The Middle East and Africa are the fastest-improving enterprise regions in the world, closely followed by Asia-Pacific, according to the latest research from Barclays Wealth. A study of nearly 1,000 entrepreneurs found that all three regions had shown more of an improvement in the last ten years than the US and Europe (which came a miserable last). The economies of the West have long been seen as the best place in the world to start a business – but as costs rise and regulators tighten their grip, this may be changing…
The entrepreneurs were asked to assess the improvement or deterioration of nine different factors in their local market. And surprisingly, the regions coming up fastest were the Middle East and Africa. Respondents said international expansion prospects and scope for innovation were the most improved areas – while market reforms, privatisation and government money (often from oil) are hurrying the process along. Investment in education and financial centres is encouraging more people to start businesses – and at the same time, entrepreneurs are much more celebrated.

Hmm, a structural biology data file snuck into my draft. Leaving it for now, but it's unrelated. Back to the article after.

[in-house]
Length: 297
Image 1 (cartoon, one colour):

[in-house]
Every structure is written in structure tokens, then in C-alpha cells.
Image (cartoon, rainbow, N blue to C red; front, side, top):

It’s a similar story in Asia-Pacific, which received the highest scores for its financial environment. With stock markets in India and China going through the roof in recent years (albeit in a rather unsustainable-looking fashion), businesses have had easy access to finance, and entrepreneurs have been able to cash out at huge multiples. On the other hand, respondents suggested that availability of talent was becoming more of a problem – not surprisingly, the breakneck speed of growth has made it hard to recruit skilled workers (a problem the Middle East may soon have too).
So what’s going wrong in the West? Well, Europe received the lowest improvement rating as an environment to start a company, with 41% of entrepreneurs bemoaning the cost of doing business and 37% suggesting regulation was the biggest headache. It was the same story in the US, where 34% complained about red tape (as you’d expect, gripes about Sarbanes-Oxley figured prominently). And the danger is that governments will be even keener to keep a close eye on businesses after the events of the last year – so we’re likely to see more regulation, not less.
Of course we shouldn’t get too carried away. This study’s all about improvement – and given that the rest of the world has been playing catch-up with the benchmark set by Europe and particularly the US for the last decade, it’s perhaps not surprising that other regions have been improving at a faster rate. Then again, with Eastern economies looking a better bet than their Western counterparts at the moment, the West might not hold onto its enterprise lead for long...
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